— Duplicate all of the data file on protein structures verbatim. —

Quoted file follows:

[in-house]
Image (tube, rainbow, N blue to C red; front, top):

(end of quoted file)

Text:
[in-house]
Image (tube, rainbow, N blue to C red; front, top):